• In any instance where multiple nominees are judged to be equally meritorious in relation to these core criteria, the judging panel will use information provided on the nominee’s broader contribution to the chemistry community as an additional criterion. Examples of this could include: involvement with RSC community activities, teaching or demonstrating, effective mentorship, service on boards, committees or panels, leadership in the scientific community, peer reviewing, promotion of diversity and inclusion, advocacy for chemistry, public engagement and outreach.

 

Previous winners

2021 – Silvia Marchesan, University of Trieste, Italy

2020 – Valeria Garbin, Delft University of Technology, Netherlands

2019 – Timothy J White, University of Colorado, USA

2018 – Susan Perkin, University of Oxford, UK

2017 – Daeyeon Lee, University of Pennsylvania, USA

2016 – Damien Baigl, Ecole Normale Supérieure, Paris, France

2015 – Lucio Isa, ETH Zürich, Switzerland

2014 – Eric Dufresne, Yale University, USA

2013 – Eric Furst, University of Delaware, USA

2012 – Patrick Doyle, MIT, USA

2011 – Michael J. Solomon, University of Michigan, USA

2010 – Bartosz Grzybowski, UNIST, Republic of Korea

2009 – Emanuela Zaccarelli, University of Rome, Italy

 

Nominations deadline: 31 December 2021

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2021 Soft Matter Lectureship awarded to Silvia Marchesan

It is with great pleasure that we announce Prof Silvia Marchesan (University of Trieste) as the recipient of the 2021 Soft Matter lectureship.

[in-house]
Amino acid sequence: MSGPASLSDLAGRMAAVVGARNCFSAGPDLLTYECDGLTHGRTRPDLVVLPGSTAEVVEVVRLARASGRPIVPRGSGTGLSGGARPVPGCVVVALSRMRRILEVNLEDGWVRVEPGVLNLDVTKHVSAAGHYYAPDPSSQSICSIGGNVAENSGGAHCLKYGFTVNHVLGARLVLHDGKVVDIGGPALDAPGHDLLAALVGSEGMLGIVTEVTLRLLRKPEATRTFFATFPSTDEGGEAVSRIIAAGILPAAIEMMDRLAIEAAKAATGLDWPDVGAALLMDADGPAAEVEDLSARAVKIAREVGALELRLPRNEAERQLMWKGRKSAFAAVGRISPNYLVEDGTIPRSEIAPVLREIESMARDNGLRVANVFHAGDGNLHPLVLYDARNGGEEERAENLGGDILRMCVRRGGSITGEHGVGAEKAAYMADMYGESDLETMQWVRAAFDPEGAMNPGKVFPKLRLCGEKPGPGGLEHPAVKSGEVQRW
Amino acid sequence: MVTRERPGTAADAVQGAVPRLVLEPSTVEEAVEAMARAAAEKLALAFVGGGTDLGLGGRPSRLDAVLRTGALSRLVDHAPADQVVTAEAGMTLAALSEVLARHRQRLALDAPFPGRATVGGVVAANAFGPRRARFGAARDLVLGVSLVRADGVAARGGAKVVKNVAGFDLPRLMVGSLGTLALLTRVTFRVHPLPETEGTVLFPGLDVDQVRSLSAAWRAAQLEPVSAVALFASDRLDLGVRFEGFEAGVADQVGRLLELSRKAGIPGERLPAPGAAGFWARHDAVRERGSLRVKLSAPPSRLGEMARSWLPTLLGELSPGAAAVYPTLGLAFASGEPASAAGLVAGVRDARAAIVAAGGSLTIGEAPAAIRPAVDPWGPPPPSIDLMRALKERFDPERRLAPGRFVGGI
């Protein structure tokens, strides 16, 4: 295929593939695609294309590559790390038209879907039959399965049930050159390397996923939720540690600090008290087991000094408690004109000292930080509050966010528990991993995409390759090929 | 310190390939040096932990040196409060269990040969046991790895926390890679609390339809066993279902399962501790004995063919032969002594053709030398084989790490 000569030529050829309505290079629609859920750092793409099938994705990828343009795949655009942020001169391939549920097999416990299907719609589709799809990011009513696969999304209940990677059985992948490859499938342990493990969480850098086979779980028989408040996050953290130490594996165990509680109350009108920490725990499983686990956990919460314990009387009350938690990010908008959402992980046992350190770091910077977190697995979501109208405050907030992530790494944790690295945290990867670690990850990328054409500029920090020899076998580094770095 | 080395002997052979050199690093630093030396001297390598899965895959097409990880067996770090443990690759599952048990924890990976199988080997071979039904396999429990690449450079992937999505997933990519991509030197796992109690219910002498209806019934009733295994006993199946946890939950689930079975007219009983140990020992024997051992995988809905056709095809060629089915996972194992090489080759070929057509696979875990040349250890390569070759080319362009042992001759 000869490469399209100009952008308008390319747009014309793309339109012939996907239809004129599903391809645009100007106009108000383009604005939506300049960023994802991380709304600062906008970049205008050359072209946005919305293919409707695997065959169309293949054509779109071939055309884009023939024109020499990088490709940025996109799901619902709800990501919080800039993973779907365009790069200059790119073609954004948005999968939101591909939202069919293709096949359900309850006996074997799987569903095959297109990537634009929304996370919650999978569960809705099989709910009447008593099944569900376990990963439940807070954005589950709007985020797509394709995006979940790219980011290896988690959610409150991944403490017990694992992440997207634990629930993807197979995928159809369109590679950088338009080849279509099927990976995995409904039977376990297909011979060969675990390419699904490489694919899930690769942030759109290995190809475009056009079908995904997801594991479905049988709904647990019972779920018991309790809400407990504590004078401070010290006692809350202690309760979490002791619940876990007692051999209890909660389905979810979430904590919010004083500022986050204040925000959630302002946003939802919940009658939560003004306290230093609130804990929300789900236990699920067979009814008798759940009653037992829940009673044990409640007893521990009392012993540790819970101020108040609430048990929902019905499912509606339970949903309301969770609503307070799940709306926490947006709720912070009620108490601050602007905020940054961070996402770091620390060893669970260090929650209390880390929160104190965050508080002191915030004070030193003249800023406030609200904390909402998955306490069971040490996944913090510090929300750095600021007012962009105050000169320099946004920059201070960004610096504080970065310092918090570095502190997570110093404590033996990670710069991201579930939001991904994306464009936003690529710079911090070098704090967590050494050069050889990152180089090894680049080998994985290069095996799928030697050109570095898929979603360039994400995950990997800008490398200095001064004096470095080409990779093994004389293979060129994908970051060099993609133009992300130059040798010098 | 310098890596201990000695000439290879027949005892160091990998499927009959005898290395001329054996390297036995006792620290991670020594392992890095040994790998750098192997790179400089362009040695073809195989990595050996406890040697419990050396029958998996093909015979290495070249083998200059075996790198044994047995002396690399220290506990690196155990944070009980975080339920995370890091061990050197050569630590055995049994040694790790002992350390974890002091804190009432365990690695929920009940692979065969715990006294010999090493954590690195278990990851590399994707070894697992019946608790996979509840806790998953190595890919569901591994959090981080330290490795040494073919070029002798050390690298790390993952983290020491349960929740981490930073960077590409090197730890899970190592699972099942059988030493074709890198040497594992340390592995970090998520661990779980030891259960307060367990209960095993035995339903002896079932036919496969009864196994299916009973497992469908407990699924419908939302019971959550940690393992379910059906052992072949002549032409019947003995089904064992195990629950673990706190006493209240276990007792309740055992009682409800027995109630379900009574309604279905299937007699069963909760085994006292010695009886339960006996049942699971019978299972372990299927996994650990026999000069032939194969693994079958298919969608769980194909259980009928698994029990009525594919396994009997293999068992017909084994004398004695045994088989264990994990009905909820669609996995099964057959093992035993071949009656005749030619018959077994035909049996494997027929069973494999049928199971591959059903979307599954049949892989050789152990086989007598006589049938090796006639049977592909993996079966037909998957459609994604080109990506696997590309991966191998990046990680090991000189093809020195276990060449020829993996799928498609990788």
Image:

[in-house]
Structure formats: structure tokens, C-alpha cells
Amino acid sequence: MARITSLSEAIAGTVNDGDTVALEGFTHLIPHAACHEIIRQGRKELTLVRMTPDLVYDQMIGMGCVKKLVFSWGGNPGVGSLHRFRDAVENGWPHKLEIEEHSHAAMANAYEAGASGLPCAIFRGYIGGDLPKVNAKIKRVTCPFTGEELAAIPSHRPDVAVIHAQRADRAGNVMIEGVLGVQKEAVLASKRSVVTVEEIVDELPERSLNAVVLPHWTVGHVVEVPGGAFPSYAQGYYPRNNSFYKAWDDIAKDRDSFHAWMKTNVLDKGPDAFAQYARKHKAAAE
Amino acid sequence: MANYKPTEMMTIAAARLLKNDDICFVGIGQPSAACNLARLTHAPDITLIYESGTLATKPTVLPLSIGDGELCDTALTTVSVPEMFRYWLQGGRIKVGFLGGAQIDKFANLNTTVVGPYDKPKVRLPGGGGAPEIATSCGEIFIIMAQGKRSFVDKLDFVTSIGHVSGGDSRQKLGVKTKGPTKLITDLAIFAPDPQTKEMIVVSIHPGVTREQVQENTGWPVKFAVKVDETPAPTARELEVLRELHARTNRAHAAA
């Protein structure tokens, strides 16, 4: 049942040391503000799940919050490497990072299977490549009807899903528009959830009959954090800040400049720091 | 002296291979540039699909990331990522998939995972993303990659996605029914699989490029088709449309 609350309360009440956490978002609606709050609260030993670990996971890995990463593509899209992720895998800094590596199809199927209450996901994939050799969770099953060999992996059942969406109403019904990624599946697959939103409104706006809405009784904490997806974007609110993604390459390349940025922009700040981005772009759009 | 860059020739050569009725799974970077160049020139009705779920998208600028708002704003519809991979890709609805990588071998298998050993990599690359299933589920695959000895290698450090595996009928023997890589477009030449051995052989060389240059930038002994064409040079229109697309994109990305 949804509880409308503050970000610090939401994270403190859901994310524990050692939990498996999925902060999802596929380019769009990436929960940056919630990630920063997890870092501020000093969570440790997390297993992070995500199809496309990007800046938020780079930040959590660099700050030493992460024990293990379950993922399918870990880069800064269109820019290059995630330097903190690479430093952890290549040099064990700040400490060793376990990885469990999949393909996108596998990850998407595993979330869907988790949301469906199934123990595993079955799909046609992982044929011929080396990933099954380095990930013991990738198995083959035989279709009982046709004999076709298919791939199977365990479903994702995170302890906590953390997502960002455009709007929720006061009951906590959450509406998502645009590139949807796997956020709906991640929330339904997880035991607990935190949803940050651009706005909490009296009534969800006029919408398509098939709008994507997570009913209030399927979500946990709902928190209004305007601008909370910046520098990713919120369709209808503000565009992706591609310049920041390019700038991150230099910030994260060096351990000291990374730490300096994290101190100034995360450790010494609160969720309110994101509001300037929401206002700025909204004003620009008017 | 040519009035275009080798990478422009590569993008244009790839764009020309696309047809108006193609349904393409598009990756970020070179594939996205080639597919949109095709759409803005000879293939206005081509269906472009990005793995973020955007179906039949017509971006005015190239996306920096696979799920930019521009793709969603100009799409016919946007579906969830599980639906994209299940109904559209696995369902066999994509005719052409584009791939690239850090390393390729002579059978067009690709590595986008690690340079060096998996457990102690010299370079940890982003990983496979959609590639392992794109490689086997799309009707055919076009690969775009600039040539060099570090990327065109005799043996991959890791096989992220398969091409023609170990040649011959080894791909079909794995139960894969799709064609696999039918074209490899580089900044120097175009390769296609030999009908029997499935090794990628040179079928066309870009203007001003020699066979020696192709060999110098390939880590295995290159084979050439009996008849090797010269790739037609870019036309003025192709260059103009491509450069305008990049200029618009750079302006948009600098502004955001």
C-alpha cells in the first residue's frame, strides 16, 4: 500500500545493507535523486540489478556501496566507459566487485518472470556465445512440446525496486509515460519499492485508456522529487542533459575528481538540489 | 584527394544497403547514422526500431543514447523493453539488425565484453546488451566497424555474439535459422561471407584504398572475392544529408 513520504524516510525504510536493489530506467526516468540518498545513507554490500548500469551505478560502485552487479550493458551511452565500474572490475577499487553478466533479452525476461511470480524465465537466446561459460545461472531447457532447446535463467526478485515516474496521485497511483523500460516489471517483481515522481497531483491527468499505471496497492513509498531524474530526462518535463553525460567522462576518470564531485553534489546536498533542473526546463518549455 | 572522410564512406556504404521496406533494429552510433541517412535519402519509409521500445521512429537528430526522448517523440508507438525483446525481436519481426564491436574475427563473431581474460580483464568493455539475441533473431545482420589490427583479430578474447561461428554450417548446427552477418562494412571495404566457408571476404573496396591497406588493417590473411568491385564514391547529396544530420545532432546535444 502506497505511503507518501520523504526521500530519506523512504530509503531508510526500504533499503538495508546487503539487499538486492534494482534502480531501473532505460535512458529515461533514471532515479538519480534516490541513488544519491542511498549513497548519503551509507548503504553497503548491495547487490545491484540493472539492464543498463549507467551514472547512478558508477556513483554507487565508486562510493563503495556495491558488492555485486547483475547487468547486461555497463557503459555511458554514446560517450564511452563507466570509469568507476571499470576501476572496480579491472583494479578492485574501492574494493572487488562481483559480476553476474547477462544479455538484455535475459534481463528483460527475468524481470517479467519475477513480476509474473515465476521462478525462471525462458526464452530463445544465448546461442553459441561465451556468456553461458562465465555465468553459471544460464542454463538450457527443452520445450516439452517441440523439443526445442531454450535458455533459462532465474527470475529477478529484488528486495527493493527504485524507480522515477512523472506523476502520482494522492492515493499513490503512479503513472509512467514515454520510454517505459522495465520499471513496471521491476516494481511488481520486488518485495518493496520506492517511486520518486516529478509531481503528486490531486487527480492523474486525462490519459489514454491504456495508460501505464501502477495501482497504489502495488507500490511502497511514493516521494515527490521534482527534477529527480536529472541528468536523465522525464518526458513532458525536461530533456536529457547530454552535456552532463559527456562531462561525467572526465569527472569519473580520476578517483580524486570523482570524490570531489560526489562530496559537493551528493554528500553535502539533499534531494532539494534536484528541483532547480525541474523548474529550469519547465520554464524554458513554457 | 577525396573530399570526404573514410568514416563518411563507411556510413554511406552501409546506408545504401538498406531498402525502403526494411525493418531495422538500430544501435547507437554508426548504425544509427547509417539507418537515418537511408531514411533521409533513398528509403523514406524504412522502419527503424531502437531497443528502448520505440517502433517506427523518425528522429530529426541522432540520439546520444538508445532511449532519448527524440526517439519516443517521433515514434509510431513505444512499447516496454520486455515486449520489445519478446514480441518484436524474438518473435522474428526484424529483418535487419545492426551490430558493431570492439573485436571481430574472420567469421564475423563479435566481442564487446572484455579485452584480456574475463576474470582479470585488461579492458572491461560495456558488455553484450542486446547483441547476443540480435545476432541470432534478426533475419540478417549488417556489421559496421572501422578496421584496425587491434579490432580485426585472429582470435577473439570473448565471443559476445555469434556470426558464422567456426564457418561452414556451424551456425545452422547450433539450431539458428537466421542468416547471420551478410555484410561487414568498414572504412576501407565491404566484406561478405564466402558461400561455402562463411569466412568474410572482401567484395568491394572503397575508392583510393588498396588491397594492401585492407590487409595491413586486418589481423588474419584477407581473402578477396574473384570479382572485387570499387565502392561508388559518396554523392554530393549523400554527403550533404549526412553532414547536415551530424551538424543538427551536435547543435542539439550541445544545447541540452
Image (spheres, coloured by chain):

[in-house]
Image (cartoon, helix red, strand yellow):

This award, now in its thirteenth year, honours an early-career researcher who has made significant contribution to the soft matter field. The recipient is selected by the Soft Matter Editorial Board from a list of candidates nominated by the community.

Promotional slide displaying the winner of the 2021 Soft Matter lectureship - Silvia Marchesan (university of Trieste)

Silvia completed her PhD in Chemistry at The University of Edinburgh in 2008 and did her postdoc research at the University of Helsinki (Finland), then at Monash University in a joint position with Australia’s national science agency (CSIRO). In 2013 she returned to Italy and secured a tenure-track academic position in 2015 at the University of Trieste, where she started to work on nanostructured materials as PI thanks to a starting grant by the Italian Ministry of Education and Research. In 2018 she became associate professor and obtained the national Habilitation as full professor in organic chemistry. She was featured amongst the 11 Rising Stars profiles in the natural sciences by Nature Index in 2018 for her multidisciplinary research that spans across chemistry, biophysics, nanotechnology and materials science.

Silvia leads the SuperStructures group and can be found on Twitter @MarchesanLab. She is interested in the control over the self-organization of molecules into superstructures that span over a sizescale that goes well beyond that of the single components. Her group’s main activities focus on the use of both D- and L- amino acids to form short heterochiral peptides that self-organize into different architectures. Their favourite systems are in water and they can be in the form of biomaterials (hydrogels), or nanostructures, for biological applications and they also also enjoy working on carbon nanomaterials (CNT, graphene, nanohorns, etc.) that they covalently functionalize to exert control over their properties, in this case both for energy or biological applications.